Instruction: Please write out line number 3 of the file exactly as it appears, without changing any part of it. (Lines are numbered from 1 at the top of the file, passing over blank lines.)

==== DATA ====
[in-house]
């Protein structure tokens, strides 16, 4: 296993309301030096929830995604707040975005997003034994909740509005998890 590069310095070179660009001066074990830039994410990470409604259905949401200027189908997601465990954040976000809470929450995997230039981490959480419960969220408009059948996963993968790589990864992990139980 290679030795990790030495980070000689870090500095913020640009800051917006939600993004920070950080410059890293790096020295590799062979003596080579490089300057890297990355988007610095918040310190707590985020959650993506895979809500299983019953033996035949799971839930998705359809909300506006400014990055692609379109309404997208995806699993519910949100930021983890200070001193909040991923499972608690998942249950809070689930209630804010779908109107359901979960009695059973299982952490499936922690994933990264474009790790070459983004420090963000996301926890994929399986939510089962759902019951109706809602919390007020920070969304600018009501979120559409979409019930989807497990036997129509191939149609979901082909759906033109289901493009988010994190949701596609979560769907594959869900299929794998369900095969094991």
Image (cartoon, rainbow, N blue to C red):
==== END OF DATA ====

Image (cartoon, rainbow, N blue to C red):